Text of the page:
Aluminum die castings are employed in practically every consumer and industrial product that is now on the marketplace. The engineer tasked with creating a new die casting is unlikely to know that the design of the product has a significant impact on the long-term cost of the product. For both the caster and the end user, a badly designed die casting will result in high tooling costs as well as quality issues. A proper die casting design will allow the metal to fill the cavity without enclosing any air, solidify fast, and eject from the die without causing any distortions. Continue reading to learn our top ten suggestions for completing a successful die casting project and .
1. Create a draft
The degree of taper or slope applied to cores or other sections of the cavity is referred to as draft. It is required on die casting features in order for the casting to be able to be removed from the mold. In the NADCA Product Standards Manual, numerous features are specified as standard drafts for various characteristics. This requirement, given as an angle, will vary depending on the type of wall or surface requested, the depth of surface applied, and the alloy used. It is usually sufficient to rotate the casting by 1-2 degrees in order for it to be released from the die without dragging or distorting.
2. Dates and times
When possible, keep key dimensions in the same die half as the die being manufactured. When they cross separating lines, the degree of dimensional diversity increases. It is possible to refer to the NADCA Product Standards Manual for information on typical tolerances that can be maintained on specific features. Throughout this essay, the NADCA Products Standards Manual will be referred to on a number of occasions. This is a "must have" tool for every die casting designer who wants to be creative. You should be able to obtain a copy from your die caster, or you can purchase one through the North American Die Casting Association.
3. Sharp corners and edges
Fillets should be used to break up sharp edges on all cuts of meat. Sharp edges induce stress risers in the die steel, which can lead to cracking and early failure of the die if not addressed. Sharp edges further reduce the metal's capacity to fill the hole completely and defect-free, as previously stated. The ribs that link intersecting walls and bosses should have a broad radius to allow for easy movement. This enhances metal flow and raises the overall strength of the item by a factor of three.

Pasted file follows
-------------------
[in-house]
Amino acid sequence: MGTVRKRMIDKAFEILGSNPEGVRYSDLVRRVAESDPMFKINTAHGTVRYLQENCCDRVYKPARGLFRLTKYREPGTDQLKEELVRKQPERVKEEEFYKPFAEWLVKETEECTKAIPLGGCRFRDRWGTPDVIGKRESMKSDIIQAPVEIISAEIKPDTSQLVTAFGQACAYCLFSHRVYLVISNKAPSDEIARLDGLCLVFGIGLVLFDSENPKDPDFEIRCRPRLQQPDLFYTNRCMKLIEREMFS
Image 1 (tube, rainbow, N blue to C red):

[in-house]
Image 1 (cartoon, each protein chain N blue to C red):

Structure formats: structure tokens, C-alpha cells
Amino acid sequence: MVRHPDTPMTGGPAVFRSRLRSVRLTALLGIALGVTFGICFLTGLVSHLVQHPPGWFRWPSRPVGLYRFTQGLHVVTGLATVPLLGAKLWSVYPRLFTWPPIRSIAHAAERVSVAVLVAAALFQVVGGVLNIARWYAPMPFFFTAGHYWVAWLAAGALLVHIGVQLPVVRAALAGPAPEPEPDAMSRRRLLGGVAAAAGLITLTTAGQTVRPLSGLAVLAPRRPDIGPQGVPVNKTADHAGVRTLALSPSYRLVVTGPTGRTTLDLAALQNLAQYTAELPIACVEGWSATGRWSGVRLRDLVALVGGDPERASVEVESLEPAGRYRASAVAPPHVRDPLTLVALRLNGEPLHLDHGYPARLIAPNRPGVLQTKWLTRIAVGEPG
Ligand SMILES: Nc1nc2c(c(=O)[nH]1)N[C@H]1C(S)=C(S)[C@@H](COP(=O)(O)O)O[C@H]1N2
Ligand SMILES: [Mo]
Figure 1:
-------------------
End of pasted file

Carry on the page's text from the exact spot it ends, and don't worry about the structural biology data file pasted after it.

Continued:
4. Wall thickness that is consistent
The designer should strive to keep the wall thickness of the castings as uniform as feasible throughout the process. Castings with thick walls will have higher levels of porosity, necessitating the use of more cooling in the casting die. Heat checking in the die steel will occur in the casting's heavy areas as a result of the weight of the casting. Metal savers should be employed whenever possible to eliminate bulk from thick portions of the casting, especially when the casting is made of aluminum. If you want more in-depth information, check out our blog post How to Make a Casting without Porosity!
Solidification simulation of an extremely hefty wall of a casting that remains liquid while the gate and remaining casting solidify is shown in this video clip. This section of the part will have a lot of porosity.
5. Ejector Pins
Ejector pins will be used by the die to force the casting out of the die in an equal fashion. The ejector pin placements should be taken into consideration when designing the item. The pins should be evenly positioned around the portion in order to ensure even ejection of the part. Ejector pins should be installed on bosses, ribs, or other structural characteristics of the part to ensure that it is not damaged. If ejector pins are placed on a thin wall of the casting, they have the potential to push right through it.
6. Final Machining and Finishing
Final machining will be necessary if your casting has features that cannot be physically die cast or if your casting requires extremely tight tolerances. It is critical to keep the amount of material removed from the workpiece to a minimum during the machining procedure. The larger the amount of material removed during machining, the more likely it is that porosity will be visible on the machined surface after it has been finished. Removing only the amount necessary to account for dimensional variability in the castings.